ATHENS – It was the first job interview of Kirby Smart’s coaching career, and it was going great. This was the part where he went to the board and drew up a play, diagramming how his defense would set up and react, arrows this way and that.
Then someone pointed out: Uh, Kirby, you drew 12 men on your defense.
“What is this, Canadian ball?” said Will Muschamp, the former Georgia teammate who had brought Smart down for this interview at Valdosta State. “We’re gonna be pretty good if we can put 12 out there.”
Smart got the job anyway, as the secondary coach for the Division II program, with Muschamp the defensive coordinator, and you know the rest. Smart was named Georgia’s head coach earlier this month, the culmination (for now) of a career that began in 2000 at a small, previously struggling program in South Georgia.
Smart wasn’t there long; he left after two seasons. But while there he, Muschamp, then-head coach Chris Hatcher and the rest of the staff quickly built the Blazers into a Division II powerhouse – and by built, in some cases that’s quite literal.
The program needed new lockers at one point, so someone donated the wood to build them – but not the manpower. It was left to the coaches, who organized themselves into an assembly line, where they sawed and put together their player’s lockers.
That wasn’t all the young and low-paid coaches – Smart earned $8,000 that first year – had to do.
“We lined the field. We were in charge of the laundry. We handed out the hamburgers with lunch for camp,” Muschamp, now South Carolina’s head coach, said in an interview this week. “People have no idea. When you’re at that level that’s what those guys do. You’re not just a coach. I was in charge of the financial aid. We did everything. I hear coaches complain about how hard it is, but we had a blast.”
And they won. The year before Hatcher took over the Blazers only won four games. The year that Hatcher, Muschamp, Smart and the rest of the staff took over, they went 10-2 and made the playoffs.
Muschamp left after the 2000 season to join Nick Saban’s staff at LSU. That proved to be one of the lasting legacies of the Valdosta experience for Smart.
“I stay at Valdosta State the second year, and I get Will’s defensive coordinator’s job,” Smart said to Fortune magazine in 2012. “So I’ve got a connection now to Nick through Will. Will and I played at Georgia together and he was at Valdosta State with me, so I had one link there.”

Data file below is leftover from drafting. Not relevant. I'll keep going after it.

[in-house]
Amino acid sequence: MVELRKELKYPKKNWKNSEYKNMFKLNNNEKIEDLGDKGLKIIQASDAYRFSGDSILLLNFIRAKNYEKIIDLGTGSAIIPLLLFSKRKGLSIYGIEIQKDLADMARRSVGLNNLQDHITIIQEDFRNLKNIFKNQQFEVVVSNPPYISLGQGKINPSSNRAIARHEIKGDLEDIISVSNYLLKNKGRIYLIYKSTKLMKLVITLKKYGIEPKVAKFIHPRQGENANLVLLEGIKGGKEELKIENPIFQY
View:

It was only Smart’s second year as a coach, but Hatcher said the decision to bump him up to defensive coordinator was an easy one. Smart, as a Georgia safety, had first caught Hatcher’s eye when he picked off Kentucky quarterback Tim Couch in a game twice when Hatcher was the Wildcats’ quarterback coach.
“You don’t know what’s going to happen in this business,” Hatcher said. “But I did know one thing: Working with (Smart) you knew wherever he went he was going to be successful, because he’s just a good football coach and a good person.”
The confidence was well-founded: In Smart’s one year as Valdosta State’s defensive coordinator the unit ranked second in total defense in Division II.
“We didn’t have to do a whole lot,” Hatcher said of the simple 4-3 defensive scheme. “We lined up and made sure we were in the right spot and those boys played extremely hard for Kirby.”
It also helped that they had better talent, thanks in large part, Muschamp will point out, to the players he recruited.
“Kirby and I, we give ol’ Will a hard time about that,” Hatcher said, laughing.
There’s also a story behind that too: On signing day, as Muschamp anxiously awaited some of his key recruits, the other coaches played a joke on him, who was fooled into thinking the fax machine was broken.
“For about an hour I took the fax machine and almost threw it out the window,” Muschamp said. “They got me pretty good that day.”
It was a time that everyone on the young staff could have some fun, but also make mistakes out of the glare of the national spotlight. Valdosta State went 9-0 in Smart’s second year, then won the national championship a few years later. Smart and Muschamp were long gone, but some of the lessons from there remained.
“When you start at that level – and I hope Kirby is still like this – and move up, you’ve got a deeper appreciation for the nice facilities, the office support personnel that you’ve got,” Hatcher said. “When you’re in Division II and even FCS to a certain degree you wear a bunch of different hats. I mean coaching ball is probably the last thing on the totem pole.”
Hatcher is now the head coach at Samford, an FCS program that is scheduled to play Georgia in 2017. Muschamp is now leading South Carolina, the division rival of Smart’s Bulldogs.
Things are much different now, but Muschamp said he “often things back” to those Valdosta days, the fax machine story, and when the new Georgia head coach was just getting his start.
“It’s really easy to see his background, he’s a coach’s kid, he’d do well,” Muschamp said. “He’ll do a great job at Georgia.”